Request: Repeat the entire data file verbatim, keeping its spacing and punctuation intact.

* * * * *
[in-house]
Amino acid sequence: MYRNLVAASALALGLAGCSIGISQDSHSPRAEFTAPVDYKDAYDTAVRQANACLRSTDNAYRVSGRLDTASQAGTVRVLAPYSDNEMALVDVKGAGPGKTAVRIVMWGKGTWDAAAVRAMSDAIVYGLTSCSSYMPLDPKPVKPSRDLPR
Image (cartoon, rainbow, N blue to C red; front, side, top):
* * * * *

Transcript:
[in-house]
Amino acid sequence: MYRNLVAASALALGLAGCSIGISQDSHSPRAEFTAPVDYKDAYDTAVRQANACLRSTDNAYRVSGRLDTASQAGTVRVLAPYSDNEMALVDVKGAGPGKTAVRIVMWGKGTWDAAAVRAMSDAIVYGLTSCSSYMPLDPKPVKPSRDLPR
Image (cartoon, rainbow, N blue to C red; front, side, top):